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October 25, 2011


by admin

Contributor: Sara Robillard

With the commercialization of the Internet, various social networking sites sprang up virtually overnight. The most significant, MySpace, shook the parenting world. MySpace represented vastly uncharted territory to concerned adults; it seemed to be a labyrinth of pictures of scantily clothed children who willfully allowed strangers access to their home addresses, phone numbers, and personal lives. Launched in 2003, MySpace peaked in 2006 with more than 100 million registered members worldwide. MySpace, originally sold for $580 million, was the first social networking site to make a dramatic impact on parents and their young children. [1]

During those socially awkward “tween” years of middle school, many trends were quick to be born and even quicker to die out. Throughout my years at Sullivan Norman Middle School, I saw, and contributed to, trends such as the never cute skirts-over-jeans look and the Friday night “date” nights (which in reality meant a few girls and even fewer boys sitting awkwardly next to each other in a movie theater watching some clichéd romantic comedy), without much more than a heavy sigh from my parents. The single biggest fad to grace my middle school, and many others across the nation, also happened to be the one that I was explicitly forbidden from participating in: MySpace. MySpace, established during the pre-Facebook, pre-cellphone era, allowed minors a new way to communicate with their peers. Anyone over the age of fourteen could create an account that acted as a combined diary, yearbook, and social club.[2] Individuals were able to customize and modify their personal profile page by uploading videos, music, photos, and written content. General information about interests, groups, and hobbies could also be posted. Users had the ability to search across the site to find potential new friends. Once friends, individuals could leave comments on a user’s page or send private messages.[3]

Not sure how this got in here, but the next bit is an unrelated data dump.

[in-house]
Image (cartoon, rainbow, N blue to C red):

Oversharing became the new cool. Children posted an array of extremely personal information such as home addresses and phone numbers, afterschool schedules, and compromising pictures.[4]  As proven through history, older generations tend not to keep a finger on the pulse of budding technology, so the true discovery of MySpace by parents took time to build steam. However, as society began to realize the magnitude of  MySpace’s network, parents began to do what they do best: worry. While kids blew off their parents’ concerned warnings, experts in the field of Internet privacy gave credence to the adults’ worries. These experts, such as lawyer Janet Judge, have spoken at various public schools to convey the dangers of the Internet.[5] They support the parental view that the Internet is the home to sexual offenders, cyber bullying, and permanently damaged reputations. In truth, parents couldn’t even begin to fathom the risqué acts that online sites would unintentionally promote. The practice of “whoring,” promoting a specific person to all your friends in order to help him grow his friend list, appalled parents, especially those with young children who might not be clear on the concept of dangerous strangers and online predators. Teens and pre-teens, however, didn’t find this type of behavior offensive, further widening the already deep divide between parents and their young children. [6]